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Iron Mike statue gets an overdue spit shine

Ted Monnich, an art preservation specialist from Columbia, works on Iron Mike earlier this month at Marine Corps Recruit Depot Parris Island. The 85-year-old statue  received a $13,000 makeover to remove mold and oxidization that was damaging the monument.
Ted Monnich, an art preservation specialist from Columbia, works on Iron Mike earlier this month at Marine Corps Recruit Depot Parris Island. The 85-year-old statue received a $13,000 makeover to remove mold and oxidization that was damaging the monument.

Bearing the marks and scars of an 80-year battle with the elements, Marine Corps Recruit Depot Parris Island's most famous monument was long overdue for a makeover.

Iron Mike, formerly named the Parris Island Memorial, was dedicated in July 1924 in memory of Parris Island Marines killed in World War I. Created by sculptor Robert Ingersoll Aitken, the 12-foot bronze sculpture -- depicting a Marine with a machine gun slung over his shoulder and a .45-caliber pistol raised high over his head -- has sat at the end of Boulevard de France since being relocated in 1941, an icon of Parris Island and the Marine Corps.

Since it was installed, the depot has given Iron Mike an occasional wash with soap and water but nothing on the scale of the work performed earlier this month by a Columbia art preservation specialist.

Brig. Gen. James B. Laster, the depot'scommanding general, instructed his staff last year to look into ways to help Iron Mike clean up his act. The statue had a layer of mold on it, and the bronze had oxidized, leaving yellow streaks on the surface of the monument.

"The Iron Mike statue is an important piece of Marine Corps history," Laster said. "It was placed at Parris Island by Gen. John A. Lejeune when he was the commandant of the Marine Corps. In order to preserve this significant statue, we needed to properly maintain it."

Laster's order landed on the desk of Stephen Wise, the director of the Parris Island Museum and the base's cultural resources manager.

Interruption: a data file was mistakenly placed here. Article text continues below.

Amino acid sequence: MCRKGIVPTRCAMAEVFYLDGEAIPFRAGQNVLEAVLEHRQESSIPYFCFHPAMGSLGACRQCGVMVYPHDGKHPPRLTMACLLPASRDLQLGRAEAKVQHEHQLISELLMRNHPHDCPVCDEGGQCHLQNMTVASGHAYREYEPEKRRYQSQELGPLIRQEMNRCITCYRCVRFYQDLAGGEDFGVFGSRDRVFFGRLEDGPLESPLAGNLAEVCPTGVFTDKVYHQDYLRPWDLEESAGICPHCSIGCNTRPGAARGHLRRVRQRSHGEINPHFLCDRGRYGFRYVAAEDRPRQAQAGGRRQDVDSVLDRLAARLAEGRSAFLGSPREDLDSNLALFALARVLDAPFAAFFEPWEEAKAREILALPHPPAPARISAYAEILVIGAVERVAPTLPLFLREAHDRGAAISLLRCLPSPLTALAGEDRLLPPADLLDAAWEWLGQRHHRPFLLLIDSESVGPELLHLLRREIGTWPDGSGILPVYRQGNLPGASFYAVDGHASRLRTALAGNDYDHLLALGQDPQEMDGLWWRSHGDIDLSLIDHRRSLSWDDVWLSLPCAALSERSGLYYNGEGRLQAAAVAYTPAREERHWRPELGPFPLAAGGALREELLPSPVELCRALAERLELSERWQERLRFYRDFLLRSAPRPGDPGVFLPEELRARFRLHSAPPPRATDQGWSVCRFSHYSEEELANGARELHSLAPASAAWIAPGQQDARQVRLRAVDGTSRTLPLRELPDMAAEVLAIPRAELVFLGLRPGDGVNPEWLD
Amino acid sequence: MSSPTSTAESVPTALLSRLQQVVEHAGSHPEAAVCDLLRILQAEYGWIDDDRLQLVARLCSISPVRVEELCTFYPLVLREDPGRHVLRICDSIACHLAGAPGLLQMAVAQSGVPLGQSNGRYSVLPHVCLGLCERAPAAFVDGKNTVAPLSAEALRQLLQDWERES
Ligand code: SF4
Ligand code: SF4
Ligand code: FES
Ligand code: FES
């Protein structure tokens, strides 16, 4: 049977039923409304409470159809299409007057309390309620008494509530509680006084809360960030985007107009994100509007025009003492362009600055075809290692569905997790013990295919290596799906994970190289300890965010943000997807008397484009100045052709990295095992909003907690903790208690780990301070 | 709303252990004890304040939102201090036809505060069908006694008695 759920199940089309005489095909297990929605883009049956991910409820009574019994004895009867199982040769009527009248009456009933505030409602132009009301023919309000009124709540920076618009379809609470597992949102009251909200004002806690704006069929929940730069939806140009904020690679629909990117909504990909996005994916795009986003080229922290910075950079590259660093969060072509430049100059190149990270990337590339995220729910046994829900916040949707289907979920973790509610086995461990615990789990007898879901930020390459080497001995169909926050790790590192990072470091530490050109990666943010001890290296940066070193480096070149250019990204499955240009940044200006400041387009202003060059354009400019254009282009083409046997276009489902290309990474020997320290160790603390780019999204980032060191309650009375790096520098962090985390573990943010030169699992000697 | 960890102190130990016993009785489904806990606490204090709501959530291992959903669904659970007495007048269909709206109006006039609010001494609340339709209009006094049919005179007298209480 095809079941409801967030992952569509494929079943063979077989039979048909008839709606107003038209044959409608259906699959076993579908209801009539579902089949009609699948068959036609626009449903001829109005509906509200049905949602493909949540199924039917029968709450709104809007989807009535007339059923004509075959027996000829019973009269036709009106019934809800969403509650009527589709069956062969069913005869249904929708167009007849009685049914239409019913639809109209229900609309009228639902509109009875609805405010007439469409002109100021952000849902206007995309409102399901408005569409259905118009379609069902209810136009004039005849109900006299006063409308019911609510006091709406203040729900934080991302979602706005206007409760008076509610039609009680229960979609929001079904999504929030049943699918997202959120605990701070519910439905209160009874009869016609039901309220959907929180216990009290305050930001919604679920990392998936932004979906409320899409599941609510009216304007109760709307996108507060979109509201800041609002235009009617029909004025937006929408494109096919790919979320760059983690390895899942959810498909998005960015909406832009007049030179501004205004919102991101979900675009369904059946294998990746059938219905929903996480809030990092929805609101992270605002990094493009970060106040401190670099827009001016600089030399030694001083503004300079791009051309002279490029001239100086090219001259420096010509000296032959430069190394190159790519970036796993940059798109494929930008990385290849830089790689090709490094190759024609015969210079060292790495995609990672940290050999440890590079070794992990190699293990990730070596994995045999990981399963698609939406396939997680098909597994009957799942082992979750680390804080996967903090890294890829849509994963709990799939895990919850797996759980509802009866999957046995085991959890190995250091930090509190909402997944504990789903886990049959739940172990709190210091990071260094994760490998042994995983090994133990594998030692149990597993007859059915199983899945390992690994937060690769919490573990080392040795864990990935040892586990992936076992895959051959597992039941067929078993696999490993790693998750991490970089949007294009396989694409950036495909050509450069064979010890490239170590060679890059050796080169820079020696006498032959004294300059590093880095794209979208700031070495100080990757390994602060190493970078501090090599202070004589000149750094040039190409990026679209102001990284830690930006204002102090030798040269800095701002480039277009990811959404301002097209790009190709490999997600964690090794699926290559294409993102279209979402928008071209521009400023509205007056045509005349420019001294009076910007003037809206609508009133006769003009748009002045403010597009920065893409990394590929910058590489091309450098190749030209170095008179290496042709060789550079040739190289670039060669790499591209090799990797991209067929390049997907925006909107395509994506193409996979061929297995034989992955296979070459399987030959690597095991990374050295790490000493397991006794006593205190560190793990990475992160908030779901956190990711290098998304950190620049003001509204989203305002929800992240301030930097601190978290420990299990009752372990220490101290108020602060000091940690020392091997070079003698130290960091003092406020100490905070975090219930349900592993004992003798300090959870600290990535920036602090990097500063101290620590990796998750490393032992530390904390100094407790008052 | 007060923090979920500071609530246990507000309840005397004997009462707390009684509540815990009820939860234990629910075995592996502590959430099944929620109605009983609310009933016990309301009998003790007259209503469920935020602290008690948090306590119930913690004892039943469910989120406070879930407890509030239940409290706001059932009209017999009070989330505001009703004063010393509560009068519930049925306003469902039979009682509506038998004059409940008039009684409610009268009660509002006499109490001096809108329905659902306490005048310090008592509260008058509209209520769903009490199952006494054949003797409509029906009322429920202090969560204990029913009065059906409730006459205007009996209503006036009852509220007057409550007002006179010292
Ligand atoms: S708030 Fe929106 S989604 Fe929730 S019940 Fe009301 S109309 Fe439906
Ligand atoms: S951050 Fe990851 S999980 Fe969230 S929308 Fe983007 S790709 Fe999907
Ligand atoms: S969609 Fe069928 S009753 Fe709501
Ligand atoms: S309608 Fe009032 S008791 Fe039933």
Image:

Wise's primary task was to find someone to restore the statue. He contacted an architecture firm in Charleston that had worked on statues there.He later was referred to Ted Monnich, a Columbia art preservation specialist whose resume includes work at the Metropolitan Museum of Art in New York City and the Biltmore Estate in Asheville, N.C.

The depot requested $13,000 from the Navy to restore Iron Mike in January and received it in May,said Leroy Washington, the depot's supervising engineer technician.

Monnich spent nearly a week in early July chemically stabilizing the oxidization on the statute before removing the yellow streaks and restoring the statute to its original dark brown hue, according to the depot. He finished his work by sealing the monument with a coat of lacquer. The depot expects that the statute will never again have to be refurbished.

Monnich could not be reached for comment.

Washington said Parris Islandplans to restore other monuments on the 94-year-old base, starting with the Iwo Jima Monument near the depot's Parade Deck. He said he hopes to have the monument refurbished by the end of the year.

Wise said preserving Iron Mike, which draws its nickname from a moniker used for a "gung-ho type of military man that all other enlisted men wanted to be like," was important and necessary work.

"Iron Mike is one of the most recognizable statutes in the Marine Corps," Wise said. "It's a national treasure."

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